Considering a Flu Shot?
Every year, millions of people across the country get a flu shot. Millions of others do not for various reasons. These reasons include concerns about thimerosal (a mercury-based compound used to disinfect the vaccine), Alzheimer’s disease, allergic reactions, Guillain-Barré syndrome , getting the flu from the vaccine, and whether the vaccine is up-to-date with the viruses going around at the time.
For those seeking alternatives to the flu vaccine, there are other options to enhance your immune system and keep you healthy during the winter season.
Some successful alternative strategies for preventing the flu include:
- Regular and thorough hand washing
- Medical foods
- Vitamin D
- Anti-inflammatory diet
- Regular exercise
Washing hands for at least 20 seconds with soap and water is one of the most effective ways to prevent the spread of illness.
Medical foods are specially formulated amino acid products, used under a physician’s care, to help prevent and manage illness (one such product is Lister-V, used for the nutritional management of the metabolic processes associated with viral infection).
A clinical trial found that vitamin D was extremely effective at halting influenza infections in children. The trial appears in the March 2010 issue of the American Journal of Clinical Nutrition (Am J Clin Nutr (March 10, 2010). doi:10.3945/ajcn.2009.29094)
A majority of Americans are vitamin D deficient, especially those of us living in the Pacific Northwest. Maintaining an adequate vitamin D level (at least 50ng/mL) is a key factor to preventing illness through the winter.
Taking vitamin D in doses of 5,000 IU/day is considered safe, but I generally recommend testing levels to get a baseline. I have had patients on vitamin D whose levels have been too high.
Acupuncture may help prevent or relieve symptoms of colds and flu by:
- Enhancing natural killer cell activities and modulating the number and ratio of
immune cell types.
- Reducing pain through the stimulation of nerves located in muscles and other
- Reducing inflammation.
- Increasing local circulation, which decreases swelling.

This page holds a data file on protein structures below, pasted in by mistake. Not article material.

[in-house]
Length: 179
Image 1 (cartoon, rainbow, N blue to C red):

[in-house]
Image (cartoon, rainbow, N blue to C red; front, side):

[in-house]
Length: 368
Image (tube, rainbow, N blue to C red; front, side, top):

Adequate protein is necessary to keep your body strong. Lean meat, poultry, fish, legumes, dairy, eggs, and nuts and seeds are good sources of protein, delivering vitamins B6 and B12, along with the minerals selenium and zinc. All of these contribute to a healthy immune system.
Flavonoids include about 4,000 compounds that are responsible for the colors of fruits and vegetables. They enhance the immune system and decrease inflammation.
One specific nutrient that’s found to strengthen the immune system so it can fight other infections is glutathione. Glutathione is found in cruciferous vegetables like kale, collard greens, broccoli, and cabbage.
Research shows moderate amounts of aerobic exercise such as jogging, brisk walking and cycling during the cold and flu season boost the body’s defenses against viruses and bacteria. At a certain point, the physical stress of a long workout undermines the immune system and leaves the endurance athlete even more vulnerable to infection than before a workout.
The general consensus is that 30 minutes of exercise, three or four times a week, has positive effects.
A study showed that jogging about 10 miles a week was beneficial to the body’s defenses, but 20 miles was associated with an increased risk of infection. The intensity of prolonged exercise suppresses certain aspects of the immune system.
Other Helpful measures
- Get adequate sleep
- Try a little hydrogen peroxide on a Q-tip on the outside of your ear canal after showering
- Fruit and vegetable food concentrates (e.g. Juice Plus)
- Herbal supplements